Reviews: Eddie and the Slumber Sisters – Corn Exchange, Haddington; Baba Yaga – Perth Theatre

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First published in The Times, Saturday May 12 2018

Eddie and the Slumber Sisters: Three Stars

Baba Yaga: Four Stars

Catherine Wheels, the leading purveyors of children’s theatre in Scotland, are drawn to subjects other companies would flinch from tackling. Their acclaimed show, The Voice Thief, drew on horror and sci-fi tropes in its depiction of patriarchal tyranny and suppression, while HUFF, created with Shona Reppe and Andy Manley, presented the Three Little Pigs’ house as a crime scene.

Their latest work for children aged nine and over, scripted by Gill Robertson and Anita Vettesse, is an equally sophisticated look at bereavement and loss, and the ways in which grief can tighten its terrible grip in the wee small hours.

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Pic: Brian Hartley

At the heart of this inventive show are the Slumber Sisters (Natalie Arle-Toyne, Colette Dalai-Tchantcho and India Shaw-Smith), nocturnal trouble-shooters charged with turning children’s nightmares into dreams. Sporting the wartime threads and close-singing harmonies of the Andrews Sisters, the team undertakes its most challenging assignment yet when it is charged with helping Eddie (Chiara Sparkes), who has been suffering from night terrors following the death of her beloved, Elvis-daft grandmother.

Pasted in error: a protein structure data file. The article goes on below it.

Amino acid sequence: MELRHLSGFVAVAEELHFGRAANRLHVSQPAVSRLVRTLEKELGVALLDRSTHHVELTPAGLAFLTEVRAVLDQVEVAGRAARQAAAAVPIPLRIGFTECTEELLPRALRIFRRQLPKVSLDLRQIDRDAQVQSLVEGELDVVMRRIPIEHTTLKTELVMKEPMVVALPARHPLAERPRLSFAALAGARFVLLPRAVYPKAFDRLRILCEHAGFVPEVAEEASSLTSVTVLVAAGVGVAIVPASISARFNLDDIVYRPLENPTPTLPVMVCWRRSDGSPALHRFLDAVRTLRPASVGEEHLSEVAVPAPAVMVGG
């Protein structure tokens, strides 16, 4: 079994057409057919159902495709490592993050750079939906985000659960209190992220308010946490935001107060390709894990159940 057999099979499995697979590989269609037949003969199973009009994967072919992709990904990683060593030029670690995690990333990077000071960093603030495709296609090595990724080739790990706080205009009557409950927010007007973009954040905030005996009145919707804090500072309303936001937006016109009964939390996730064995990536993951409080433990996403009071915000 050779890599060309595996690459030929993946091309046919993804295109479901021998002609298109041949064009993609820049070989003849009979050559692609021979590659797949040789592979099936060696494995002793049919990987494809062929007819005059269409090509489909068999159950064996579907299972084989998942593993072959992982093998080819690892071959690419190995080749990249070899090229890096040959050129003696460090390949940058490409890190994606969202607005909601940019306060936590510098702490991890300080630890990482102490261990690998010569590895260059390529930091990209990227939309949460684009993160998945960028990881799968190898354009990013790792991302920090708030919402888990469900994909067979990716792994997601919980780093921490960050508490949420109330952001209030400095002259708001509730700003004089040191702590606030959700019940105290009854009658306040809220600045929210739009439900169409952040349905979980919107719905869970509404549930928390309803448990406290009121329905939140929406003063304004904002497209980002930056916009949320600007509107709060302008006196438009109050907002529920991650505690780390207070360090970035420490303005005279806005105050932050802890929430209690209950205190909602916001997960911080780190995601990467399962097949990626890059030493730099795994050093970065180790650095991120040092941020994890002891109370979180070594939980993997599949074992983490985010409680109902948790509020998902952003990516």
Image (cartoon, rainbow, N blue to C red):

Robertson’s production, performed on Karen Tennant’s lovingly detailed set pulls off the difficult job of immersing us in Eddie’s suddenly changed world while offering regular injections of irreverent humour. If the script feels heavy on concept and set-up at the expense of plot, with the ending a little rushed, the show is funny, warm and on the whole well pitched at its young audience.

 

There is plenty of darkness mixed with delicious comedy in Baba Yaga, a mouth-watering collaboration between Scotland’s Shona Reppe, Australian performer Christine Johnston and Rosemary Myers, artistic director of Australia’s Windmill Theatre Company. Starting with the Eastern European legend of the shape-changing crone, the trio spins a decidedly off-centre yarn about a sad-sack receptionist (Reppe), whose life rapidly gains colour and excitement when Baba Yaga moves into the top floor of her apartment block.

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The encounters between Reppe’s mousy Vaselina and the statuesque Johnston have an almost surreal quality, with the live action layered with snatches of animation, created by Chris Edser, an array of songs and sound effects, and hilarious virtuoso sequences, such as Johnston playing two recorders simultaneously, at one point with her nose, and Reppe’s fraught conversations with her collection of Russian Dolls. The piece feels technically overstuffed at times, but it is so outrageous, bold and silly that is proves irresistible.

Both shows on tour and at the Edinburgh International Children’s Festival, May 26-June 3. Imaginate.org.uk

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